The Yellow Ordinance: Fact or Fiction?

Originally Published June 24, 2010

According to several sources, in the 1890s, the city fathers, tired of hearing the city mothers complain about the number of ladies of the evening that inhabited an otherwise up and coming wealthy portion of Denver, decided to create an ordinance in which every one of these ladies was required to wear a yellow ribbon, a yellow armband, or yellow piece of clothing. (All of the sources vary as to which was the right one.)

Of course, this was upsetting to all the ladies of Denver; the fine upstanding mothers of the community complained that this prohibited them from wearing a much favored color, because they would then themselves be marked as a lady of the evening. The madams, the working girls, even the crib girls were equally upset – why should they mark themselves if they just wanted to go to the shops and were not working?

As the stories go, the fifteen madams of Denver got together and devised a plan. In my mind, it was probably more a few of the madams who were friends got together and in a friendly feast and complain session, this ingenious idea was tossed out as first a joke, and then taken seriously as the ladies talked more.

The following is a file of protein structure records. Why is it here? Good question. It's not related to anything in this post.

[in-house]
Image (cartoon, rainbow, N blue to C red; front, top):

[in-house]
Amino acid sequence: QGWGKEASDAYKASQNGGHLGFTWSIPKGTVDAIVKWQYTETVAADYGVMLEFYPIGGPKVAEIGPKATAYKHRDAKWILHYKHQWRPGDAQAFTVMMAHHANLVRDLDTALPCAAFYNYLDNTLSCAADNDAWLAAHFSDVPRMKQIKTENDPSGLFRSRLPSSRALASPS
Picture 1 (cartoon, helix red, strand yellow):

So dressmakers were contacted, milliners, shoe shops were all in a joy, as they prepared outfits for over one thousand women. And on the appointed day, the plan was implemented.
Forgoing their usual morning sleep in after working the night before, all the ladies of the evening got up, dressed in their lovely new clothes – all yellow. Hat, dress, shoes, accessories – all a lovely shade of bright yellow. And then all one thousand plus ladies went out on the town, flooding the shops, restaurants, and businesses of downtown Denver in a near literal sea of yellow. People were shocked, amazed, and the city council instantly repealed what came to be known as the yellow ordinance.

Good story, isn’t it? But that is indeed all it may be. The story originated with Forbes Parkhill, a noted newspaperman at the turn of the century, and later a prolific historian and author, whose research and work was usually very accurate. So accurate, that other authors in later years wrote about the event, citing Mr. Parkhill as a valid source. However, a search for the ordinance records yielded a slight problem; the books had cleverly hidden themselves in the Denver Public Library archives, and are currently still in hiding. Talking with the esteemed librarians of the Western History and Resource room, there is the idea floating about that this ordinance, perhaps, was a compete fabrication.
So was it a story made up by Mr. Parkhill, to further enhance the already wild times of Holladay Street, was it a story told to him by someone who had been a valid source before and who had hoped to impress Mr. Parkhill, or is it really the truth? Until the ordinances can be found, it remains a Denver Mystery.


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